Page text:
Deputy Editor Enright also complained about a sketchy connection between his phone and the Swift’s built-in Android Auto smartphone mirroring, but I’ve yet to discover those same gremlins. Reality is, with the integrated sat-nav screen already being quite user-friendly I haven’t felt a great need to plug my phone in so far.
Out of the box, then, there aren’t many things that require improvement, though let’s see what happens once we’re out of the honeymoon period.
By Tony O'Kane
THIS GLX Turbo was only meant to be a stop-gap until I step into a Swift Sport, but in the two months it’s spent in my hands a trend became quite apparent – virtually everyone who came into contact with the little Suzi loved it.
And it wasn’t the kind of affection that only revealed itself after the inevitable “so whaddya think?”. No. These feelings were almost always voiced without prompting, and often before the driver’s seatbelt was unlatched. Remember how I said last month that the Swift makes a profoundly positive first impression? Turns out I’m not the only one who feels that way.
So what endears it to people? Interestingly, no single attribute seems to stand out. Rather it’s how complete and well-rounded the whole package feels. “It just works”, was one morsel of feedback, which sounds like the response most non-tech-savvy people give when asked why they like iPhones.
It’s also made me a convert to smartphone mirroring. Suzuki’s multi-fit touchscreen infotainment package is a good example of how entry-level infotainment should be done, with plenty of features, clear graphics and an intuitive user interface, although some in the office have had issues with wired smartphone connection. Once cranked up, Android Auto has added functionality on top of to the Suzi’s system like being able to preselect a drive route on Google Maps via my work computer before I get in the car. Once I’ve sent the route to my phone and plugged it into the Swift, I’m ready to go as soon as I start the ignition.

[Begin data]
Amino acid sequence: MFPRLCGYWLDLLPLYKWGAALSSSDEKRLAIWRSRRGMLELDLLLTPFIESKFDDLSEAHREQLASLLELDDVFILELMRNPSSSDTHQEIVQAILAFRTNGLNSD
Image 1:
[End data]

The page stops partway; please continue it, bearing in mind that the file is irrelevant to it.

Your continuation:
Touches like that just make life a little bit easier.
The Swift isn’t perfect, mind you. Trips on coarse-chip highways saw me cranking up the audio volume to antisocial levels to drown out the tyre roar, and it’d be nice to have some kind of rubbery or flocked lining in the centre console to stop phones and keys from sliding on the rock-hard plastics.
The three-pot is also a little vibey at idle, but hey, triple-cylinder engines have always had tricky harmonics, and the laws of physics are hard to cheat.
There’s also the issue of price – $22K buys you a lot of kit and capability in the GLX Turbo but a cloud has recently appeared on its horizon in the shape of the just-landed sixth-gen Volkswagen Polo, which has a top-spec model at an identical price point. Sure, the Polo 85TSI misses out on climate control, standard sat-nav and a few other luxuries, but it feels properly premium.
Had I not driven it right after handing back the Swift GLX Turbo, I would have said Suzuki had a solid position of leadership in the light car segment.